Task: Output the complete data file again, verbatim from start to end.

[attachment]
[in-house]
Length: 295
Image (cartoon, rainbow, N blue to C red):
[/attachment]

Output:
[in-house]
Length: 295
Image (cartoon, rainbow, N blue to C red):